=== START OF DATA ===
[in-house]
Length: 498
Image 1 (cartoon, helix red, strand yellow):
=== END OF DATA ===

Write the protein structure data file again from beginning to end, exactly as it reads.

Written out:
[in-house]
Length: 498
Image 1 (cartoon, helix red, strand yellow):